SAFETY GUIDELINES FOR DOG TRAINERS/DOG GROOMERS and other persons who are working with dogs in a professional capacity
When outside working with dogs:
· Know your own level of comfort around dogs. If you are not comfortable with handling a specific dog it is best to recommend another trainer or groomer.
· Be alert at all times. Make sure someone is aware of your whereabouts and you have access to a phone.
· It is advised that all dog trainers, groomers, students and volunteers have undertaken a canine first aid course, see www.dtail.org for more details.
· Carry with you first aid equipment that is checked on a regular basis and you know how to use
· Gather as much information from the owner before handling or assessing the dog.
· Experienced dog trainers will know instantly how dangerous a dog is going to be. It is a recommendation from the Dog Trainers Association of Ireland ltd ( DTAIL) that you update your learning and knowledge thus giving you skills which will allow you to adequately assess the situation.
· Remember that you are in a position of responsibility when it comes to imparting information onto a member of the public. Never instruct a handler or owner in any area you are not familiar with.
· Carry appropriate equipment with you such as muzzles, leads, collars.
· It is a recommendation of the Health Safety Authority that all small businesses and self employed persons have a Safety Statement which is reviewed on a regular basis.
· For more information for designing a Safety Statement which incorporates best practices and safety policies you may email
· Appropriate clothing must be worn at all times.
· It is in the best interest that all Dog Trainers have their tetanus vaccine updated as needed.
SAFETY FOR DOG TRAINERS
When working indoors/home visits or in a confined space/saloon.
· It is recommended that all trainers familiarise themselves with the HSA guidelines for working within a confined space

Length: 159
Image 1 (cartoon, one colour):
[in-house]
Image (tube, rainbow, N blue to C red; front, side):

· If attending a person's home for private or one to one training sessions then it is recommended that you leave the address and contact number of your whereabouts with another person. If this is not possible then you should write the address down and leave it in a visible place.
· It is in your interests to gather as much information as possible about the dog you are going to meet. Remember that not all dog owners are familiar with the warning signs and therefore may not be able to guide you accurately when giving you information. Keep this in mind before entering the home.
· All trainers should carry a first aid kit with them that is checked and restocked on a regular basis.
· On entering a person's home or while working in small space familiarise yourself with exit points. Also look out for obstacles that may block your escape route.
· Ensure that all equipment is inspected on a regular basis, and in good working order.
· If you are unsure of your level of skill or you are an inexperienced trainer it is not recommended that you enter a person's home on your own or handle any dog that you feel is out of your debt. You may apply to the Dog Trainers Association of Ireland for assessment which will guide you on your instructing abilities.
· Or in the case of dog groomers it is recommended that you train with a groomer that holds a qualification in either City & Guilds Dog Grooming 7750 or Advanced Dog Grooming Diploma .For more information visit www.ipdga.ie